Re: [-empyre-] free will and determinism


paper by Jaron Lanier:

A quote:

 Another way I approached the same question was to
say, if consciousness were missing from the universe,
how would things be different? A                range
of answers is possible. The first is that nothing
would be different, because consciousness wasn't there
in the first place. This would be Dan Dennett's
response (at least at that time), since he would get
rid of ontology entirely. The second answer is that
the whole universe would disappear because it needed
consciousness. That idea was characteristic of
followers of some of John Archibald Wheeler's earlier
work, who seemed to believe that consciousness plays a
role in keeping things afloat by taking the role of
the observer in certain quantum-scale interactions.
Another answer would be that the consciousness-free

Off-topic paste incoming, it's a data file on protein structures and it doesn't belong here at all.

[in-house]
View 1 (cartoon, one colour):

universe would be similar but not identical, because
people would get a little duller. That would be the
approach of certain cognitive scientists, suggesting
that consciousness plays a specific, but limited
practical function in the brain. 

 And then there's another answer, which initially
might sound like Dennett's: that if consciousness were
not present, the trajectories of all               
particles would remain identical. Every measurement
you could make in the universe would come out
identically. However, there would                be no
"gross", or everyday objects. There would be neither
apples nor houses, nor brains to perceive them.
Neither would there be words or thoughts, though the
electrons and chemical bonds that                would
otherwise comprise them would remain the just the same
as before. There would only be the particles that make
up everyday things, in exactly the same positions they
would otherwise occupy.                In other words,
consciousness is an ontology that is overlaid on top
of these particles. If there were no consciousness the
universe would be perfectly described as being nothing
but particles.

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